One of the first questions many clients ask is how much to appropriate for a marketing budget. The quick answer for marketing budget allocation is a target of between 3 -8% of a company’s overall sales – with 5% often cited as the norm based upon a review of a range of benchmarking and peer group studies.
The following factors can influence the size of the marketing budget:
Compared to other functional budgets, the marketing budget is unique in that it must allocate to both strategic, longer term, and tactical, nearer term elements.
For example, a balanced budget will include both investments in VOC (voice of the customer) and other innovation-focused activities that have a longer term payoff, and more immediate, demand-generating activities like SEO, trade shows, and sales collateral.
One of the most significant changes impacting marketing effectiveness over the past decade has been the advent of tools that allow us to more accurately measure the ROI of marketing spending, particularly in the areas of digital, search engine marketing and pay-per click advertising. According to eMarketer, companies will spend upward of $50 billion on digital marketing in 2014 – continuing a five-year trend of explosive growth in the segment.
There are three areas that comprise the mix of marketing spend: product marketing, marketing communications (sometimes known as marcom), brand building or advertising, and channel marketing (sometimes called sales support). Within each of these groups, what is, and isn’t included, can be debated.
Some questions include:
Some would even argue that the cost of the sales force is a subset of the marketing budget, as we could eliminate the sales team and shift to all online demand generation or buy a Super Bowl ad! I will leave that debate for another day.
1. Does the firm have significant growth opportunities? (I believe most firms do, even in mature industries). If so, investing in product development, customer intimacy or demand generation at a level beyond my industries average can help accelerate growth.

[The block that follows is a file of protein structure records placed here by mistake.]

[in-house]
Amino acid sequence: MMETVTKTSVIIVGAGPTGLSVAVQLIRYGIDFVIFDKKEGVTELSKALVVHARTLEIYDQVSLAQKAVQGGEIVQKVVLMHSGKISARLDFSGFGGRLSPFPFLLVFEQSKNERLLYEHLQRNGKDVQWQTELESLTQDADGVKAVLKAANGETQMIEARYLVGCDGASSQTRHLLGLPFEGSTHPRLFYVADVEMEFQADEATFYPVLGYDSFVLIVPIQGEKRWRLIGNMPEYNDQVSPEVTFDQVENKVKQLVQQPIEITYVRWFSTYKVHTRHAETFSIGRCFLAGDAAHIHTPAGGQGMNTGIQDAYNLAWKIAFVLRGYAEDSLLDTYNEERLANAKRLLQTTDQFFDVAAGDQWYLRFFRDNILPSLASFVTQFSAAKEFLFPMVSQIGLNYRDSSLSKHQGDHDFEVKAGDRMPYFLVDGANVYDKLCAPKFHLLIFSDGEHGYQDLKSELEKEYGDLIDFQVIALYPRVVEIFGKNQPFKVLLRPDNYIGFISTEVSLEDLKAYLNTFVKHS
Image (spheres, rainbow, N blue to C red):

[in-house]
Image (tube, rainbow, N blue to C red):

2. Do the investments competitors are making fall under the three identified areas of marketing: product marketing, marketing communications, and demand generation?Above or below our spend? At a minimum, understanding how businesses in your industry allocate marketing budgets can be insightful. (Seet the Marketing Sherpa chart at the end of this article.)
3. Where are our products in the product life cycle? Smaller companies who are still on the growth curve of their life cycle typically bump their marketing spend by 50 percent or more (as a percentage of revenue), according to studies by Marketing Sherpa, Forrester and eConsultancy.
4. What is the price elasticity and pricing leverage in the market? Do we understand the dynamics of pricing, and are we optimizing price on each deal? Would there be a payoff if we had a greater focus on pricing, both strategically and tactically?
5. What ROI have we seen on pay-per-click (PPC) and other digital lead generation activities? A good CRM system, such as SalesForce.com or HubSpot, allows you to calculate the value of leads in terms of sales and margin, and the effective cost per lead based on lead yield.
6. Who is truly generating demand and preference for your products? If you are a challenger brand looking to overtake your competition, or simply struggling to gain your own unique share of voice, you’ll need to consider a greater investment than merely placing a product with distributors.
7. Do we do marketing in-house or outsource to specialists? Would your company be better having one generalist in-house or outsourcing to several agencies that are specialists and can provide expert advice in each area?
Having applied the above analysis to our business at Chief Outsiders, we have set our total marketing spend at a level above 10 percent. For us, the key criteria that led us to that decision include:
At Chief Outsiders, we are constantly measuring the effectiveness of our investments in both online organic and paid ads and more traditional networking and sponsorships. In today’s environment, dynamically allocating spend based on results and costs ensures us the best yield on our investment.
It’s important to make sure your budget is keeping pace with what the competitive landscape is demanding. In a recent CMO Survey conducted by the Fuqua School of Business at Duke University and the American Marketing Association, more than half of all businesses surveyed indicated their marketing spend will increase during the next 12 months. A study by Forrester Research pinpointed the increase in marketing budgets at 6 percent for 2014.
When benchmarking your sales and marketing budget, ensure you are being ruthlessly effective. According to Digital Sherpa, improving the impact of your marketing communications, both in your approach and execution, can “significantly impact marketing effectiveness without a big increase in resources.”
What has been your experience with setting your marketing budget and marketing spend mix?